3) a resin that is substantially or completely free of phenyl or other aromatic groups that can provide a chemically amplified positive resist particularly suitable for imaging at sub-200 nm wavelengths such as 193 nm. Particularly preferred resins of this class include: i) polymers that contain polymerized units of a non-aromatic cyclic olefin (endocyclic double bond) such as an optionally substituted norbornene, such as polymers described in U.S. Pat. Nos. 5,843,624, and 6,048,664, incorporated herein by reference; ii) polymers that contain alkyl acrylate units such as e.g. t-butyl acrylate, t-butyl methacrylate, methyladamantyl acrylate, methyl adamantyl methacrylate, and other non-cyclic alkyl and alicyclic acrylates; such polymers have been described in U.S. Pat. No. 6,057,083; European Published Applications EP01008913A1 and EP00930542A1; and U.S. patent application Ser. No. 09/143,462, all incorporated herein by reference, and polymers that contain polymerized anhydride units, particularly polymerized maleic anhydride and/or itaconic anhydride units, such as disclosed in European Published Application EP01008913A1 and U.S. Pat. No. 6,048,662, both incorporated herein by reference, as well as blends of i) and/or ii) and/or iii);
4) a resin that contains repeat units that contain a hetero atom, particularly oxygen and/or sulfur (but other than an anhydride, i.e. the unit does not contain a keto ring atom), and preferable are substantially or completely free of any aromatic units. Preferably, the heteroalicyclic unit is fused to the resin backbone, and further preferred is where the resin comprises a fused carbon alicyclic unit such as provided by polymerization of a norborene group and/or an anhydride unit such as provided by polymerization of a maleic anhydride or itaconic anhydride. Such resins are disclosed in PCT/US01/14914 and U.S. application Ser. No. 09/567,634.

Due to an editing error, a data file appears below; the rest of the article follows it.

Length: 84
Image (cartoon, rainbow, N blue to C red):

5) resins that contain Si-substitution including poly(silsequioxanes) and the like and may be used with an undercoated layer. Such resins are disclosed e.g. in U.S. Pat. No. 6,803,171.
6) a resin that contains fluorine substitution (fluoropolymer), e.g. as may be provided by polymerization of tetrafluoroethylene, a fluorinated aromatic group such as fluoro-styrene compound, compounds that comprise a hexafluoroalcohol moiety, and the like. Examples of such resins are disclosed e.g. in PCT/US99/21912.
Preferred photoresists of the invention include both chemically-amplified positive-acting and negative-acting photoresists. Typically preferred chemically-amplified positive resists include one or more resins that comprise photoacid-labile groups such as photoacid-labile ester or acetal groups.
The invention further provides methods for forming a photoresist relief image and producing an electronic device using photoresists of the invention. The invention also provides novel articles of manufacture comprising substrates coated with a photoresist composition of the invention.
Other aspects of the invention are disclosed infra.
As discussed above, particularly preferred photoresists of the invention can exhibit reduced defects following aqueous alkaline development. Such defects can include reduced organic residues in areas bared of photoresist upon development as well as reduced microbridging between images resist lines or other features.